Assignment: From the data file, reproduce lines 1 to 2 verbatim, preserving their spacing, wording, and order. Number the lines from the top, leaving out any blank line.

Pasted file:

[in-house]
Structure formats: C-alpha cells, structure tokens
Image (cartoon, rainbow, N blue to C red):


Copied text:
[in-house]
Structure formats: C-alpha cells, structure tokens